Goals for this interface:

    • Read in data from dial indicator
    • Process data
    • Send data to computer (via UART)

    Chip pinout and the functions I've chosen to use for each pin:


    Reading Data from the Dial Indicator

    Since the data coming out of the dial indicator only has a voltage of about 1.3V, and I will powering the PIC chip with 5V, I can not simply read the data and clock lines using standard digital I/O reads (FALSE will always be returned since the voltage never gets high enough to trip the TRUE threshold).

    Originally I thought I was going to have to use a hardware level converter using a transistor and pull-up resistor, but I have since realized that I can read the data as analog and make my own threshold HIGH and LOW in the software. I was originally concerned that the analog read would be too slow depending on how fast the data coming from the dial indicator is clocked. But it has turned out that it is plenty fast to reliably read the data and clock signals from the dial indicator.

    Here is the process for reading the data:

    1.  Wait for the Clock line to go LOW (it's natural state is to stay HIGH)

    2.  Repeat 24 times (to read in all the bits of the message):

    a.  Wait for a rising edge on the Clock line (LOW to HIGH transition)

    b.  Read the Data line to get the next bit

    c.  Add bit to cumulative data for this message and shift

    3.  Process Data (to be covered further down)

    4.  Send Data (to be covered further down)

    5.  Return to step 1 to wait for next message

    Note: In case we start or become un-synchronized from the data and end up waiting for the next bit of the message which will never come, we will want to have a timeout on step 2a, such that if the rising edge does not come with in a certain amount of time, we abort the current read and jump back to step 1 to wait for the next message to re-synchronize.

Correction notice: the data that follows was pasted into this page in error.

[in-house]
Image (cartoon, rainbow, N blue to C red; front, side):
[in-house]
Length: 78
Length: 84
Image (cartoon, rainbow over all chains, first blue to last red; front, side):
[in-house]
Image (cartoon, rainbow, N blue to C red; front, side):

Here is a quick screen shot showing that the PIC chip is able to successfully read the clock and reading the data signals at the correct time. The red line is the Data line from the dial indicator (keep in mind its natural state is HIGH, so this is showing all zeros except the last bit). The blue line is a temporary debug output from PIC chip showing when it detects a rising edge on the clock, and this will be where the Data line is sampled. It looks like they line up quite well.


    Processing the Data

    Once each individual bit is read in, it will need to be combined with the rest of the bits to build the final data word. This is done in a bit shifting process shown below, which is run for every bit. Keep in mind that the least significant bit is sent first so that determines the direction we need to shift.

    Process for building data word:

    1.  Take the current data bit (which will be 1 or 0) and shift it to the left 24 bits

    2.  Then add it to the data word

    3.  Shift the data word to the right 1 bit.

    4.  Repeat for next data bit